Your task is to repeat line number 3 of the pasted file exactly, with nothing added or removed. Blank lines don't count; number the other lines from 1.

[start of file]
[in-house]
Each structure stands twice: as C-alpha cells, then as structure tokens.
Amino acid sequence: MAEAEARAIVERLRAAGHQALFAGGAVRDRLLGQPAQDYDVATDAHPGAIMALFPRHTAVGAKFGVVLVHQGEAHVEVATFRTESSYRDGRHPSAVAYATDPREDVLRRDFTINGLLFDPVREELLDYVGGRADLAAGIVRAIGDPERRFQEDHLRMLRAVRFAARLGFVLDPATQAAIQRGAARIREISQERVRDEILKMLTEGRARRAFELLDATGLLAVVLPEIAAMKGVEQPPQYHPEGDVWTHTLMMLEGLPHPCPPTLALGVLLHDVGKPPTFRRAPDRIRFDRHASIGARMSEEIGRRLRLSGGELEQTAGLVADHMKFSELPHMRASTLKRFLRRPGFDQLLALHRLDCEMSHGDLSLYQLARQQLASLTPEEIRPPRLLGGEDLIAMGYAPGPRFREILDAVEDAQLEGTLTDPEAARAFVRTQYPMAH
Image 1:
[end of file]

Amino acid sequence: MAEAEARAIVERLRAAGHQALFAGGAVRDRLLGQPAQDYDVATDAHPGAIMALFPRHTAVGAKFGVVLVHQGEAHVEVATFRTESSYRDGRHPSAVAYATDPREDVLRRDFTINGLLFDPVREELLDYVGGRADLAAGIVRAIGDPERRFQEDHLRMLRAVRFAARLGFVLDPATQAAIQRGAARIREISQERVRDEILKMLTEGRARRAFELLDATGLLAVVLPEIAAMKGVEQPPQYHPEGDVWTHTLMMLEGLPHPCPPTLALGVLLHDVGKPPTFRRAPDRIRFDRHASIGARMSEEIGRRLRLSGGELEQTAGLVADHMKFSELPHMRASTLKRFLRRPGFDQLLALHRLDCEMSHGDLSLYQLARQQLASLTPEEIRPPRLLGGEDLIAMGYAPGPRFREILDAVEDAQLEGTLTDPEAARAFVRTQYPMAH